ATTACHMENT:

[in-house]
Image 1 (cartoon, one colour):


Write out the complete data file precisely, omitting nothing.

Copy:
[in-house]
Image 1 (cartoon, one colour):